Flight Test of NASA Spacecraft Built to Transport Humans into Deep Space will Carry Dr. Sally Ride’s STS-7 Crew Patch as Well as an Excerpt from “The Mystery of Mars”
UPDATE: Orion launched successfully from Cape Canaveral, FL, on Friday, December 5, at 7:05 am EST and, after two orbits, returned successfully, splashing down at 11:29 am EST in the Pacific Ocean about 270 miles off the coast of Baja California!
San Diego, CA, December 4, 2014—On Wednesday, December 3, 2014, NASA announced that the maiden flight of the Orion spacecraft will carry both the STS-7 crew patch Dr. Sally Ride wore when she became the first American woman to fly in space, as well as an excerpt from The Mystery of Mars, a children’s book by Dr. Ride and Dr. Tam O’Shaughnessy. The flight test is scheduled for Thursday, December 4, 2014.
“When Sally became the first American woman to soar into space, she captured the nation’s imagination as a symbol of the ability of women to break barriers,” said Dr. O’Shaughnessy. “But Sally’s historic flight represented just one aspect of a remarkable life—she was also a physicist, a science writer, and an inspirational advocate for science literacy.”
“It is only fitting that NASA’s Orion spacecraft—designed to carry humans to deep space and eventually to Mars—carry her STS-7 crew patch and an excerpt from The Mystery of Mars on its maiden flight,” said Dr. O’Shaughnessy, who—in addition to co-authoring The Mystery of Mars (among other books) with Dr. Ride—is a cofounder and CEO of Sally Ride Science.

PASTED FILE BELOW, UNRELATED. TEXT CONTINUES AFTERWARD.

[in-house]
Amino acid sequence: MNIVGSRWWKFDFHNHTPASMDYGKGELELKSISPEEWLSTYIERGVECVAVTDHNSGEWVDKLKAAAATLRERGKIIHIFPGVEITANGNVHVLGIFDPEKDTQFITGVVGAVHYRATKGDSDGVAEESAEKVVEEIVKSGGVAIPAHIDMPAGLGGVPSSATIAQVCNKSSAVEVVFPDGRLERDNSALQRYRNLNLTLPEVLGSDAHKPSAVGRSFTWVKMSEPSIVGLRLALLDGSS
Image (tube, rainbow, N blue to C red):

NASA’s Orion spacecraft is built to take humans farther than they’ve ever gone before. Orion will serve as the exploration vehicle that will carry the crew to space, provide emergency abort capability, sustain the crew during the space travel, and provide safe re-entry from deep space return velocities.
Orion’s maiden voyage—scheduled to launch from Cape Canaveral, FL—will be a two-orbit, four-hour flight that will test many of the systems most critical to safety. The Orion Flight Test will evaluate launch and high-speed re-entry systems such as avionics, attitude control, parachutes and the heat shield.
Launch and mission control teams are scheduled to report to their consoles in Florida and Houston at about 3:30 am, EST, with a continuous countdown, launch and mission coverage beginning at 4:30 am, EST, and viewable via streaming at www.nasa.gov/nasatv. To learn more visit http://www.nasa.gov/orion.